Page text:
Doctorow is worried about this, and so am I.

Connecting everything to the Internet is dangerous

By now, you’ve probably encountered the term “Internet of Things”, usually abbreviated as IoT. It refers to the rapidly increasing number of devices that are capable of connecting to the Internet. Cars, fridges, thermostats, lights… basically, anything that can be built to include a few microchips can be made to talk to the Internet. Usually wirelessly. Often silently, by default.

Which of course is a perfect scenario for a whole new category of security breaches, privacy concerns, and other, related issues.

Recommendations:

  • Where possible (and unless you have a good reason not to) avoid purchasing any non-computer device that’s Internet-capable.
  • If you must use such a device (and unless you have a good reason not to) disable any Internet-related features.
  • If you’re unable or unwilling to disable a device’s Internet features, at least configure it to maximize security.

Bruce Schneier’s recent analysis of the dangers of IoT is excellent, and definitely worth reading.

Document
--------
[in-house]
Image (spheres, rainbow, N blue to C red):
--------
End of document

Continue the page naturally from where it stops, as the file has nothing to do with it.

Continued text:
Test your browser’s security

A new, free, web-based service from cyscon GmbH tests your web browser and reports any security issues it finds.

Check-and-secure starts by checking your computer for open ports, then compares your IP address against a list of addresses associated with botnet activity.

Next, you have the option of checking your browser version and looking for out of date plugins like Java, Flash, and Silverlight. This is arguably the most useful part of the service, and you can get to it directly, which is handy.

The remainder of the service consists of offers to install various local security software packages. I haven’t yet tried the Cyscon Vaccination software, so can’t comment on its efficacy.

February security roundup

In February, a security researcher discovered that a Silverlight exploit – patched by Microsoft in January – is now being distributed through the Angler hacking kit. The researcher also found web sites using the exploit to infect site visitors who have not yet installed the Silverlight patch.

Comodo Internet Security, a highly-rated security package, was found to include features that actually make the host computer less secure. Most notably, that included a VNC server running without a password. VNC is a remote desktop application. The problems were resolved in subsequent updates from Comodo.

Brian Krebs wrote about serious security issues found in some Internet-connected Trane thermostats, and warns buyers to use caution when purchasing ‘smart’ devices.